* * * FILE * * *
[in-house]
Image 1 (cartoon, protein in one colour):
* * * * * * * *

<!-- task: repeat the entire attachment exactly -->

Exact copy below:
[in-house]
Image 1 (cartoon, protein in one colour):